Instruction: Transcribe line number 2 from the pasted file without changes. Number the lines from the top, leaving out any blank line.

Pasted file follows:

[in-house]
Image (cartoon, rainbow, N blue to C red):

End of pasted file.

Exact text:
Image (cartoon, rainbow, N blue to C red):